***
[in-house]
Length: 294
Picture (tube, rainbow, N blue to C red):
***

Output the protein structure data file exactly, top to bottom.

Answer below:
[in-house]
Length: 294
Picture (tube, rainbow, N blue to C red):